Pop math quiz for you – wait, don’t click away yet – this one will be easy, promise. Which would you prefer to buy: a pair of expensive, high-quality shoes that will feel great on your feet and probably last the rest of your remaining life; or a pair of identical-looking shoes that cost one-tenth as much, but hurt your feet and have to be replaced every six months when they fall apart?
While the “correct” answer to our little quiz may seem absurdly obvious, its lesson often goes ignored in the real world. Case in point: LED light bulbs.
Poor LEDs, even being the awesome little luminaires that they are, have long suffered from the human penchant to think for the short term: most people seek to save a little bit of money if they can pocket it immediately, rather than opt to save a lot of money in the long run (because it requires more cash up front and takes a longer time to pay out). But now there’s good news for LEDs, for the environment, and for anyone who needs to buy new lights on a limited budget.
Household LEDs (which stands for Light Emitting Diodes) have nosedived in price in the past year, while becoming far more functional than their incandescent or fluorescent forebears ever were.
For anyone not familiar with the benefits of LEDs, let’s first shed a little light on the basics.
The Real Cost
Even when all home and commercial LEDs were ridiculously expensive (like $100 each), they were still more cost effective than incandescents in the long run. With a lifetime of about 25,000 hours on the low end, they last 25 times longer than a normal bulb. That’s 24 times you don’t have to change a bulb, let alone fumble around in a dark room because the light blew out. Nonetheless, even $20 or $30 for a single light bulb can still seem like an extravagance if you barely have enough for groceries. But with individual LED bulbs now in the $10 and below range, purchasing them seems a lot more practical.
Consider too: a traditional bulb only converts about 10 percent of the electricity it uses into light. The rest is converted into heat – it’s a pretty expensive way to warm a dwelling, when you think about it. LEDs, on the other hand, convert about 60 percent of the electricity they use into light. Environmentally speaking, that greater efficiency amounts to a couple hundred pounds fewer of carbon emissions per year, per light, according to some sources.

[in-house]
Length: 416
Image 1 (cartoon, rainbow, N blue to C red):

Hypothetically, over the lifespan of a bulb, each LED light you purchased would save you about a couple hundred dollars in replacement and electricity costs, depending on how much you kept the lights on.
The U.S. Department of Energy had the following to say about these solid-state devices:
“Widespread use of LED lighting has the greatest potential impact on energy savings in the United States. By 2027, widespread use of LEDs could save about 348 TWh (compared to no LED use) of electricity: This is the equivalent annual electrical output of 44 large electric power plants (1,000 megawatts each), and a total savings of more than $30 billion at today’s electricity prices.”
Brightness and Light Quality
A common, and on occasion legitimate gripe against the compact fluorescent lights (CFLs) that have been replacing standard incandescents has been their inability to match the instant brightness and visual “warmth” of traditional bulbs. LEDs, on the other hand, achieve full brightness instantly and can be tuned (sometimes by the actual end customer) to match a wide variety of colors and shades.
These are not your father’s light fixtures. The next generation of LED-equipped lamps are lighting systems that permit you to control them remotely via web and mobile apps. Need to make your home appear occupied while you’re away on business or vacation? Control the lights wherever you are, with the swipe of a finger.
If you think that’s pretty cool, then hold onto your variable dimmer switch. Researchers are perfecting LED systems that function as overhead lights and single-room wireless data hubs at the same time – perfect for working online with no signal interference and foiling outside cybersnoops who try to pilfer stray transmissions.
In the meantime, you can drop into just about any home hardware store and purchase a light bulb you may never have to replace again.
Oh yeah, did we mention that they’re shatterproof?
Now that you know what a crazy awesome deal LEDs are, perhaps you’ll be facing a different kind of dilemma: should you wait until your 19th-century technology bulbs finally burn out, or should you “fire” them immediately and put a set of hard-working, money-saving LEDs on the job?